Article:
Three men have been arrested for attempted murder of an off-duty officer shot in Northern Ireland.
The officer, named as Detective Chief Inspector John Caldwell, was shot multiple times in front of young people he had been coaching at a sports centre just before 8pm on Wednesday, in Omagh, Co Tyrone.
Police say the dissident republican group, the New IRA, is the “primary focus” of the force’s investigation.
The attack happened while DCI Caldwell was loading footballs into the boot of his car when the two men opened fire, according to Assistant Chief Constable Mark McEwan of Police Service Northern Ireland (PSNI).
Speaking at a press conference on Thursday, ACC McEwan said the officer ran a short distance after the first shots were fired and that his attackers continued to fire as he fell to the floor.
“There were many other young people, children, awaiting pick-up by their parents. Those children ran for cover in sheer terror towards the centre,” ACC McEwan added.
He said DCI Caldwell’s young son was also present, adding: “The trauma inflicted on this young boy is just horrific and he will never forget seeing his dad shot multiple times.
“The gunmen fired from close range in the busy sports training area, which could also quite easily have killed or seriously injured children who were present at the time of the shooting.”
DCI Caldwell remains in a critical but stable condition in hospital, where he underwent surgery overnight.
He is a high-profile officer who has led a number of major investigations, including taking a leading role in the murder probe following the killing of Natalie McNally in Lurgan in December.
‘A valued and active member of his community’
Speaking about the shooting, Chief Constable of PSNI, Simon Byre, said: “Clearly as an organisation, we are utterly shocked and angered by last night’s brazen and calculated attack.
“John is a father, husband and colleague, and a valued and active member of his local community.”
He said Mr Caldwell has been a valued police officer for 26 years “committed to public service as a senior investigating officer supporting victims and their families in bringing offenders to justice”.
He also confirmed that three men, aged 38, 45 and 47, had been arrested on Thursday morning in connection with the police’s attempted murder investigation.
Who are the New IRA?
The New IRA – also known as the New Irish Republican Army – are a small militant nationalist group.
Founded in 2012, the group are opposed to Britain’s rule over the region, including the 1998 Good Friday Agreement peace deal, which largely ended three decades of sectarian violence in the country.
Police officers are still sporadically targeted by splinter groups of mainly Irish nationalist militants, with the last shooting taking place in Northern Ireland in 2017.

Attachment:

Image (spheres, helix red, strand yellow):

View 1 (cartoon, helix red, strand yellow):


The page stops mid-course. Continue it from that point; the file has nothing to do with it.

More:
The New IRA has carried out attacks before, including car bombings.
The New IRA claimed responsibility for a potentially lethal bomb discovered under the car of a police officer at a golf club in east Belfast in June 2019.
The group were also responsible for the killing of journalist Lyra McKee in 2019.
Asked if there is a concern for wider security and safety, and whether action would be taken to improve security for some police officers, ACC McEwan told BBC Radio Ulster: “On an ongoing basis, we see these elements continually trying to carry out attacks of this nature.
“We are supporting our officers and staff. We continually review our security arrangements and advise our officers on security arrangements and that’s on an ongoing basis.”
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He said the country’s terror threat level at the moment remained “substantial”, meaning that an attack is “highly likely”.
ACC McEwan also paid tribute to a “brave” member of the public who ran towards DCI Caldwell during the attack and administered first aid.
“I would also like to thank our partners in the ambulance service. If it hadn’t been for their quick action in getting John to hospital we might have been looking at something very different this morning,” he added.
‘A cowardly and callous attack’
Northern Ireland Secretary Chris Heaton-Harris also commented on the shooting, describing it as “a cowardly and callous attack”.
He said: “This is a really significant event. It’s a very serious event. A well-known local police officer is now in a critical condition.
“My thoughts are with him and his family and everyone in the policing community and the community of Omagh.
“Society has moved on in Northern Ireland – there is no place for violence like this.”
Irish police are working closely in co-operation with their counterparts in the PSNI, and have intensified patrols amid suspicions the gunmen may have fled across the border.
In a statement last night, the Garda said it is “currently responding to an ongoing incident which took place earlier this evening in Northern Ireland”.
“A Garda Siochana has intensified patrolling in border counties.”
PSNI Temporary Detective Chief Superintendent Eamonn Corrigan said: “Our investigation is now under way and I would appeal to anyone who was in the area and witnessed what happened or could help with our enquiries to make contact with police on 101.”
‘A grotesque act of attempted murder’
The shooting has been condemned by politicians across the UK and Ireland.
Prime Minister Rishi Sunak said he was appalled by the “disgraceful shooting of an off-duty police officer in Omagh”.
Irish premier Leo Varadkar condemned the “grotesque act of attempted murder”.
“Our thoughts are with the injured officer, his family, colleagues and friends at this difficult time,” the Taoiseach said.
“I utterly condemn this grotesque act of attempted murder.”
Sinn Fein vice president Michelle O’Neill said it was an “outrageous and shameful attack”.
“My immediate thoughts are with the officer and his family,” she said.
“I unreservedly condemn this reprehensible attempt to murder a police officer.”